U of T startup BuzzClip gives blind users an extra line of defence
The BuzzClip attaches to clothing and buzzes when it senses obstacles.
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Over 28 years of blindness — his entire life — Rylan Vroom estimates he’s experienced about two dozen “bleeding bonks.” Ask him about it and he’ll lean down from his perch, at 6-foot-5, lift his hair and show you the little scars that criss-cross his forehead like divots in a chopping block. Whether it’s the unseen tops of door frames, dangling tree branches or signs that protrude over sidewalks, the man clearly hits his head a lot.
Or at least he used to.
Vroom is chief consultant and test subject No. 1 for a new piece of wearable technology that’s meant to complement the sight dogs and feeler canes used by visually impaired people.
Created at the University of Toronto’s Impact Centre startup “incubator,” the gadget is a small clip that uses ultrasound waves to detect objects up to two metres away, at heights ranging from around the wearer’s belly button to about a foot above the head. The clip has a buzzer that vibrates against the skin when it detects something, with varying levels of intensity that indicate how close the obstacle is.
Vroom calls it “revolutionary” and even came up with the name for it —BuzzClip — while out for Indian food with the gadget’s co-creators, U of T students Arjun Mali and Bin Liu.
“For a tall person, it’s especially nice,” Vroom said while demonstrating the BuzzClip at the Impact Centre on Friday.
“My head hurts a lot less,” he said with a laugh.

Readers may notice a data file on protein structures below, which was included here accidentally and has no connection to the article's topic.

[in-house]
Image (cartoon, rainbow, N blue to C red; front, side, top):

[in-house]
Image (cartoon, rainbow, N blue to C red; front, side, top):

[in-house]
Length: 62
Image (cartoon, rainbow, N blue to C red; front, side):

The origins of the BuzzClip date back one year, when Mali and Liu started a company called iMerciv and began to work on technology that could help visually impaired people. Each has family with seeing difficulties: Liu’s father has glaucoma, while Mali’s grandmother also has vision problems. He’s currently in India, where he has frequently travelled to test out the BuzzClip and volunteer at a blind children’s orphanage.
Liu, 24, said the BuzzClip grew out of a series of consultations with organizations such as the Helen Keller Centre and Balance for Blind Adults, where they met Vroom. Over the past year, they’ve developed a prototype and received several hundred pre-orders through their crowdfunding campaign, which closed in mid-November and raised more than $59,000.
“We spent a lot of time getting to know the community,” Liu said, adding that, at $150, the BuzzClip is less expensive than other wearable sensors on the market. “Everybody still uses a cane and guide dog, which is good, but there’s nothing more to it. Nothing much new has come out … It’s a reintroduction of simple technology to work with the cane and the guide dog.”
Rich McAloney, director of entrepreneurship, who oversees dozens of small tech startups at the Impact Centre, said he’s been impressed with the BuzzClip team’s progress. “It’s fantastic stuff,” he said. “What they’ve been able to accomplish since last year is just astonishing.”
The next step for BuzzClip is to find a manufacturer in the Toronto area that can assemble the gadgets for their first production blitz. Liu said the plastic shell, buzzer and some other parts will be shipped from China.
Vroom, meanwhile, said there’s a lot of comfort in knowing that he has an extra layer of defence with the device. No more emergency-room stitches; no more bloody head bonks.
For Vroom at least, the benefits of the BuzzClip are crystal clear.